A new study has found a gluten-free diet is "unaffordable" for the average Australian, with some gluten-free items costing up to 500 per cent more than their glutenous counterparts.
Researchers from the University of Wollongong compared the cost of a basket of gluten-free foods with a traditional food basket among four family types - a nuclear family, a single parent family, a single elderly woman and a young single man.
The study was published in the Dietitians Association of Australia's journal Nutrition & Dietetics.
"We also looked at what proportion of their disposable income they'd have to spend on food to afford that diet," one of the researchers who conducted the study, dietitian Kelly Lambert, told news.com.au.
"If you spend more than 25 per cent of your disposable income on food, it's considered unaffordable, and in almost every family type the gluten-free basked was unaffordable," Ms Lambert said.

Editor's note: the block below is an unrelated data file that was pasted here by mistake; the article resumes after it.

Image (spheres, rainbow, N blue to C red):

"The nuclear family spent 40 per cent of their disposable income on food, the single adult male spent 75 per cent and the single mum spent 30 per cent."
Some gluten-free items cost up to five times more than regular ingredients. Gluten-free wraps were 316 per cent more expensive and flour was 574 per cent more costly.
"It's really a very expensive diet to follow," Ms Lambert said.
"For people who have coeliac disease [about one per cent of the population] they need to follow this diet for medical reasons. They have no alternative - they have to spend that money.
"I can understand how they would become irritated by people who eat gluten-free foods but don't need to."
A recent study by Allied Master Chemists of Australia Limited found one in four Australians between the ages of 25 and 34 consume only gluten-free meals, but only a small percentage of those suffer from coeliac disease or a gluten intolerance.